Read how a model-turned-wellness guru and entrepreneur manages a crazy work schedule – and still fits in training for full and half marathons from Adidas.

Modeling, teaching Pilates, developing menus for the restaurant she owns with her husband, running…

Oh, and she’s opening a new business this fall – what doesn’t Alex Kate Knight do? The Melbournian moved to Manhattan via a stint in Europe on a modeling contract, but it’s safe to say that’s not the only thing that’s keeping her busy now that she’s put some roots down.

“It’s a city of opportunity, and is definitely overwhelming to me like anyone that puts their first step onto this amazing island – but get yourself settled, find your base, and you can fit in any dream that you have,” she says.
For her, that dream included an entrepreneurial component – she supported the opening of coffee shop/café Bluestone Lane, now 12 locations strong, with her husband in 2013, and is getting ready to launch a part-gluten-free bakery called Husk. “I’m very driven – I always have been,” she says of her entrepreneurial spirit. “I build a business or I think of an idea because I feel it’s lacking,” she says, noting that gluten-free bakeries and that sort of community feel within the café scene – a really common thing in Melbourne – wasn’t as present in NYC. With Bluestone Lane and Husk, she and her husband were seeking to fill those gaps in the market. It also helps that she’s a holistic nutritionist and has a biomedical science degree – “My education basically drives how I run my life now,” she says, including how she runs her businesses.

She can use that base of knowledge – her understanding of the human body from the inside out on a cellular level – when developing the menus for Bluestone Lane, something she dedicates two days a week to doing. A third day is spent working on Husk. The rest of her time is a whirlwind of meetings, events, training clients, teaching Pilates, blogging, emailing… the to-do list goes on. You’d think with all of that on her plate, her exercise routine may fall by the wayside but that’s not the case at all.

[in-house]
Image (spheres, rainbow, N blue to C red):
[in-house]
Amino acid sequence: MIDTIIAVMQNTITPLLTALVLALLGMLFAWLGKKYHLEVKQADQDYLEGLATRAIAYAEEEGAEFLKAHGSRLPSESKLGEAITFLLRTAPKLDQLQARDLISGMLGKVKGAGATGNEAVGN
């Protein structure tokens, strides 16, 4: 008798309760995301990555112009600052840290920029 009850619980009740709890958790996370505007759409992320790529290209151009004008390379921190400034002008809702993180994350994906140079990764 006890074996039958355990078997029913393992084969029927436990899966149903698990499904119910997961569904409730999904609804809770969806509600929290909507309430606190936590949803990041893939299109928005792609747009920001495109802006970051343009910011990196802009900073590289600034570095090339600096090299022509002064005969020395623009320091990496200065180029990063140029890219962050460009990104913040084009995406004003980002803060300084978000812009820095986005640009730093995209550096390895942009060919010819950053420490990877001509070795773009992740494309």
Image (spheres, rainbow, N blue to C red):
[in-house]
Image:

“Although I could be wildly busy I always factor time for myself and, personally, that’s my workout time because it’s really my moving meditation and my time to balance and check in,” she says.

A former track star (she was eighth in Australia for the 400 meters and ninth for the 800 meters from ages 14 to 18), Knight suffered a back injury at age 18 that ended her career on the track. But, it certainly didn’t stunt her love of running. “Running has always been there for me and it’s still the greatest thrill,” she says.


She’s run a full marathon for which she raised $20K for MND, a muscular dystrophy charity and has also participated in half-marathons for Every Mother Counts. Even when she’s not training for a specific race, she averages 12 miles a week. “I know how I feel if I haven’t done it for a few days and I’m not my best self,” she says.

“I use the adidas Train and Run app for the analytics like distance, time, and pace that keeps my training going in the right direction,” she explains. She’ll use the app for her next training endeavor, likely the New York City Half Marathon next spring.

But, it’s certainly not easy to balance her grueling work schedule and training for road races, whether it’s a full or half marathon. She says it’s her “Melbournian” roots that help her. “[In Melbourne] everyone works hard and is inspired and driven, but at the same time, when it’s time to check out, that’s the time to go and workout, or spend time with family or friends. I think that balanced lifestyle is probably just innate in my upbringing and that’s really what I have found myself working on now later on in life and sharing that with others.”


“Sometimes it’s getting up a little bit earlier, or declining a dinner date to simply get the training in,” she continues. “I make [exercise] my number one because I ask a lot of my body and I want it to respond in a particular way, and granting it what it needs, both physically and in regard to fuel, is really important to me.”

Speaking of fuel, one thing she never skimps on is breakfast: “I’m not that girl that works out until the last second and then races out the door with coffee in hand – I really take the time to make a nourishing breakfast at home almost every day,” she says. (One of her go-to’s: A breakfast bowl with quinoa, egg, avocado, spinach, and chili.)

Another key diet component for Knight is healthy carbs – that’s actually the basis for her starting Husk, which will have 50% gluten-free products and 50% wholesome, real grain bread. “Grains and carbohydrates should not be feared – they’re just a little bit misunderstood,” she says, “When they’re in their raw, unrefined, clean form, they actually are a part of the macronutrients that we need to sustain a healthy lifestyle.”


And really, that self-care in terms of both nutrition and fitness pay her back tenfold in her modeling career: “That confidence that comes from feeling fit is kind of that radiation that comes from your body that is unspoken,” she says. “As a model, which is a really tough industry, constantly being under scrutiny, you need external support to get through day-to-day life,” she says, “Staying healthy, that’s my life support mechanism to keep up the busy lifestyle that modeling requires with traveling and different shoots.”

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